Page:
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Jury Instruction no. 14, Capitol v. Thomas has fairly detailed coverage of the Capitol v. Thomas case, in which the music industry has sued Jammie Thomas for allegedly making a number of music files available over Kazaa.  The case is the first of its kind to go to full trial.  From reading the accounts, it appears that the music industry has amassed pretty good evidence that Ms. Thomas’ computer was used to make copyrighted files available.  Ms. Thomas has denied using Kazaa and has raised the possibility that someone spoofed her IP address or otherwise took over her computer.

An interesting detail to the trial has been the parties’ disagreement over jury instruction 14.  The original instruction read “The mere act of making copyrighted sound recordings available for electronic distribution on a peer-to-peer network without license from copyright owners does not violate the copyright owners’ exclusive right to distribution.” The music industry’s lawyer objected, successfully arguing that merely making recordings available violated the distribution right.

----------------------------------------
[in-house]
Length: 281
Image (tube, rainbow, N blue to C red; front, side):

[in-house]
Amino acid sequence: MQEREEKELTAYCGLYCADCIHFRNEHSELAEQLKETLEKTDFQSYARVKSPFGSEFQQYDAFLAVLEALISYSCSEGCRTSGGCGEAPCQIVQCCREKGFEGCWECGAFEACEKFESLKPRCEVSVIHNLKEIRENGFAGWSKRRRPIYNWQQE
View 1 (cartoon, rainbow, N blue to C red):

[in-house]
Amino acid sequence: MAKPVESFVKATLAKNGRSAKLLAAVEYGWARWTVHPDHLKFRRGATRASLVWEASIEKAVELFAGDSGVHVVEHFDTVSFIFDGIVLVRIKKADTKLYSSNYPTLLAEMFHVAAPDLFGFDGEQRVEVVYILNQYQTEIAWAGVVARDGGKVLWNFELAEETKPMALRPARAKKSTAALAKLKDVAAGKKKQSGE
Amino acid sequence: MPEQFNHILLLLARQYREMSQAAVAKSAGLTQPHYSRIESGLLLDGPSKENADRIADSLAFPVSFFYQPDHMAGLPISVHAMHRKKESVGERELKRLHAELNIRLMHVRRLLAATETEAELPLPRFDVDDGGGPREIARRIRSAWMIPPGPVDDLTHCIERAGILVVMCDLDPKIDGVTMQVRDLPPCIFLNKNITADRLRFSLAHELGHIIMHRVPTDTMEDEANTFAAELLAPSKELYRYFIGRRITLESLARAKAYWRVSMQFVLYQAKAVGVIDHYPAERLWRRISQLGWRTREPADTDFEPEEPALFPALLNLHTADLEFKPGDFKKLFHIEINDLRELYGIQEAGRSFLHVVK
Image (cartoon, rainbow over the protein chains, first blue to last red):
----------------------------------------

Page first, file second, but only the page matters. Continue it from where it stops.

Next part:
Although interesting in an academic sense, the argument about instruction 14 should not affect the case.  Even if Thomas had prevailed, her placing music files in a Kazaa folder probably infringed the plaintiffs’ right of reproduction.  Thus, unless Thomas could successfully claim that her uses were fair (something she apparently has not done), her chances of prevailing seem poor.

As of this writing, I’m not aware of a verdict in the case.  I’m very curious to see how much the jury will award in statutory damages should Thomas lose the case.

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